TUESDAY, Jan. 10 (HealthDay News) -- Heart attack patients whose blood potassium levels are within a certain range are less likely to die than those with levels of the mineral below or above that range, says a new study that challenges current recommendations for potassium levels in heart attack patients.
Researchers looked at data from nearly 39,000 heart attack patients admitted to 67 U.S. hospitals between 2000 and 2008. Of those patients, nearly 7 percent died while they were hospitalized.
The death rate for patients with blood potassium levels of between 3.5 and less than 4 mEq/L (milliEquivalents per liter) was 4.8 percent, about the same as the 5 percent death rate among those with levels of 4 mEq/L to less than 4.5 mEq/L.
But mortality rose to 10 percent for those with levels of 4.5 to less than 5 mEq/L, and was even higher for those with levels greater than 5 mEq/L, the investigators found.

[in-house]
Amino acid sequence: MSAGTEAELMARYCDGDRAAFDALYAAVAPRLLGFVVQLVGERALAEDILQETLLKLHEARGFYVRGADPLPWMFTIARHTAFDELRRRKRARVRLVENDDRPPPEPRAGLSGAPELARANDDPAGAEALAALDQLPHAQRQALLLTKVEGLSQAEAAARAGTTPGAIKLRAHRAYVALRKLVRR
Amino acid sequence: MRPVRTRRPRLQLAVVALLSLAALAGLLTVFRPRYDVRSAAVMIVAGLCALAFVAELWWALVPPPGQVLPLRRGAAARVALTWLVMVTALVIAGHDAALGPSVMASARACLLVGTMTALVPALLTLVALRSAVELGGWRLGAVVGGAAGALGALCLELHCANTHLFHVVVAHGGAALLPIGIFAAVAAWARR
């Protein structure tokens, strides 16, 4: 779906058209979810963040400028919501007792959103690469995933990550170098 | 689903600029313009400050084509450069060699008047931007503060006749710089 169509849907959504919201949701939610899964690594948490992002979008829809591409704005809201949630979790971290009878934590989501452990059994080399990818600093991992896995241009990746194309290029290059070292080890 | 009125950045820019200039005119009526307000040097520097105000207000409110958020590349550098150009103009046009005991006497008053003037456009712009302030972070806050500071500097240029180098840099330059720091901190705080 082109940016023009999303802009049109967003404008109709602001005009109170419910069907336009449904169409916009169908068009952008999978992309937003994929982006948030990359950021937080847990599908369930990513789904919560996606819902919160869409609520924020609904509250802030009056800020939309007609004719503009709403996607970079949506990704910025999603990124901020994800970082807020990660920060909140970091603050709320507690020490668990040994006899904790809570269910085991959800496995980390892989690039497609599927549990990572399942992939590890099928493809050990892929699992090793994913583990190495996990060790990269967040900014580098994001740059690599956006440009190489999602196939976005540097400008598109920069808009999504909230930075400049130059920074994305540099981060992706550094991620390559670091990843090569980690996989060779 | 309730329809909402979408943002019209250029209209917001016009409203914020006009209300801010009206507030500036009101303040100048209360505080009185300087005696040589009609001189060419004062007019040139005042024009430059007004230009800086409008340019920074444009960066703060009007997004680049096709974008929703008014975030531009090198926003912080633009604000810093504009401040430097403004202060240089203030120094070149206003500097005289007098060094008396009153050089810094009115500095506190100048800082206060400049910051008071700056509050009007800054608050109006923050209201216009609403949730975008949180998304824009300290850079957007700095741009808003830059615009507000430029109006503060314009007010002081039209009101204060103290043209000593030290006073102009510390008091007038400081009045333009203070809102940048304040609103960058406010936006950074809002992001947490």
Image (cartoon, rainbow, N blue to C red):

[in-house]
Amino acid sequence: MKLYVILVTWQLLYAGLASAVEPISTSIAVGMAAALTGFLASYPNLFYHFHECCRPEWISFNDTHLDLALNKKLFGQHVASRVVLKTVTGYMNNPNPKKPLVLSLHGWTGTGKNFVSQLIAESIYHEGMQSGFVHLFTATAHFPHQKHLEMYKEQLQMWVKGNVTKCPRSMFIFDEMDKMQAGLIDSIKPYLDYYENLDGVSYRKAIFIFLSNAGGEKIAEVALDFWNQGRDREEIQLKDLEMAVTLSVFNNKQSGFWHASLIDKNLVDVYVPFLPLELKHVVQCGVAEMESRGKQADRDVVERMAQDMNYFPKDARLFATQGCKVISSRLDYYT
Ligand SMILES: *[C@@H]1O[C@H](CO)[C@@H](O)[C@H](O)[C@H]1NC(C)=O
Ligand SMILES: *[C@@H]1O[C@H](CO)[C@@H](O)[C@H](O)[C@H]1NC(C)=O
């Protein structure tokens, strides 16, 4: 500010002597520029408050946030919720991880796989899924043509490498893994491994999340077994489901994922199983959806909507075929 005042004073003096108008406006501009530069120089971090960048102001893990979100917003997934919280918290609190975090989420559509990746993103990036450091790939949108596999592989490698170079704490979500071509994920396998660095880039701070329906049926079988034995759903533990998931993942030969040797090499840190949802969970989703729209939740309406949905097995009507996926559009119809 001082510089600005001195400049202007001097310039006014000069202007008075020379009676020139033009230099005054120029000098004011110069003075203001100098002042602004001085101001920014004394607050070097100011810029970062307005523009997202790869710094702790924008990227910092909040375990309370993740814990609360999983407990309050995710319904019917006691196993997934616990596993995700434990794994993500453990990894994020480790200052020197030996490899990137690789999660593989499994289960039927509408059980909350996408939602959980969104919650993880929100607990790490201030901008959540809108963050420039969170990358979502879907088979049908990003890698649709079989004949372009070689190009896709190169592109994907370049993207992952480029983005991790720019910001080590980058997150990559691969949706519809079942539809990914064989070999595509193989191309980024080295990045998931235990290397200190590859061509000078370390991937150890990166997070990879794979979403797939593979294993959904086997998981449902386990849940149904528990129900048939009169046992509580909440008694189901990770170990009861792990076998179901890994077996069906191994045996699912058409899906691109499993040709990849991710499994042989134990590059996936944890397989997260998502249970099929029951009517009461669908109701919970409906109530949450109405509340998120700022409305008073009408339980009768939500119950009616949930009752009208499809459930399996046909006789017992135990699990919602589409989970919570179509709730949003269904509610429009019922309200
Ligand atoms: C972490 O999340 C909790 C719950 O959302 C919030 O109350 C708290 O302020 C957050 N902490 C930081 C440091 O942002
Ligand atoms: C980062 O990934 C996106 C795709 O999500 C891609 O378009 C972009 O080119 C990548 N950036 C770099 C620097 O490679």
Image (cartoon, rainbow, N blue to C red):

Patients with potassium levels of less than 3.5 mEq/L also had a higher death rate than those with levels of between 3.5 and less than 4.5 mEq/L, Dr. Abhinav Goyal, of the Emory Rollins School of Public Health in Atlanta, and colleagues, reported in the study published in the Jan. 11 issue of the Journal of the American Medical Association.
Currently, professional societies and experts recommend that potassium levels in heart attack patients should be maintained between 4.0 and 5.0 mEq/L or even 4.5 to 5.5 mEq/L, the researchers noted.
"In conclusion, our large study of patients with AMI [acute myocardial infarction, or heart attack] challenges current clinical practice guidelines that endorse maintaining serum potassium levels between 4.0 and 5.0 mEq/L," the study authors wrote.
The guidelines are based on small, older studies that focused only on ventricular arrhythmias and not mortality, and were conducted before the routine use of beta-blockers, treatments to quickly clear blockages and res
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